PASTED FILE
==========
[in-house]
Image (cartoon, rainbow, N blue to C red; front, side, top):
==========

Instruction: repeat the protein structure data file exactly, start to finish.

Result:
[in-house]
Image (cartoon, rainbow, N blue to C red; front, side, top):